Rie Munoz (ree moo-nyos), a Dutch-American,
was born and raised in California.
She has lived
in Alaska since 1951, when she traveled up the
Inside Passage by steamship, fell in love with
Juneau, and gave herself until the boat left the
next day to find a job and a place to live.
Since then Juneau has been home to Munoz.
Of the many jobs she has held — journalist,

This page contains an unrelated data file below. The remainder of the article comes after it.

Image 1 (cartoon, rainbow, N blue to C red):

teacher, museum curator, artist, mother — one of her most memorable was as a teacher on
King Island in 1951, where she taught 25 Eskimo
children. The island was a 13-hour umlauk
(a walrus-skin boat) voyage from Nome,
an experience she remembers vividly.
During her years in Alaska, Rie Muñoz has lived in a variety of small
Alaskan communities, including prospecting and mining camps.
Her paintings reflect an interest in the day-to-day activities of village life such as
fishing, berry picking, children at play, as well as her love of folklore and legend.